Focus on children
AMURT in partnership with Kinder Not Hilfe and Catholic Relief Services from March to October 2010 AMURT ran 10 Child-Friendly Spaces in Port-au-Prince. The purpose of the centers was to help children affected by the earthquake restore normalcy and improve overall well-being in their lives with psycho-social and educational support. Besides motivational and creative activities, children in the Child-Friendly Spaces program received a hot meal and nutritional support. In all 4,000 children and child minders have benefitted.
Since October 2010, AMURT have been implementing an integrated education and protection program focusing on 5 areas: kindergarten (3-6 year olds), psychosocial enrichment courses (6-13 year olds), youth leadership training (13-18 year olds), women’s literacy and psychosocial support, and urban ecology education. All programs are facilitated by community organizers and trainers who build the capacity of our partner sites to ensure a participative process of implementation, monitoring and assessment. In total, 5,500 beneficiaries are served for the period of October 2010 to June 2011.
Cash for Work and a Green Future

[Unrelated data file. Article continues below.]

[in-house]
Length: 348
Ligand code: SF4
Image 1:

AMURT helps 10,000 villagers in rural Haiti carry out empowering cash-for-work and beat aid addiction. Initiated by AMURT and joint-funded by the UN’s Office for Coordination of Humanitarian Affairs, it is primarily a response to economic desperation exacerbated by the influx of displaced persons into two of Haiti’s most impoverished communes. But watershed regeneration work also targets contour earthworks and tree planting to enhance soil, improve local food security and save homes and lives from devastating flash flooding.
Long-Term Commitment to Grassroots Empowerment
AMURT will continue to align both its immediate and long-term response with the human rights-based framework of community empowerment, self-determination, and leadership capacity building. AMURT & AMURTEL have more than two decades of experience with relief work in Haiti, and have facilitated many ongoing development projects there. AMURTEL particularly focuses on meeting the special needs of women and children in disasters.
Emergency Disaster Relief 2008
When four storms struck Haiti in a period of two weeks in August/September 2008, the Artibonite (the Department in which the City of Gonaïves is located) was severely affected. Serious and widespread erosion and floods resulted in the collapse of basic infrastructure and prevented access to the North West of Haiti. With destroyed bridges and roads, the City of Gonaives and much of Haiti’s North West were unable to access food and experienced a massive lost of income generating assets. AMURT-Haiti immediately began operations to assist residents of Gonaives and surrounding Commune in developing and reinforcing community structures in order to help residents meet their basic needs.
Gonaives Emergency Food Distribution